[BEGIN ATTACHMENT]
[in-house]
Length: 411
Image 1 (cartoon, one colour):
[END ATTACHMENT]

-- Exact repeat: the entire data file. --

[in-house]
Length: 411
Image 1 (cartoon, one colour):